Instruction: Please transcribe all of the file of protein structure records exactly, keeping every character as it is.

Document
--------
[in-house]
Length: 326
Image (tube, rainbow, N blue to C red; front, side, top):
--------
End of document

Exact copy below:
[in-house]
Length: 326
Image (tube, rainbow, N blue to C red; front, side, top):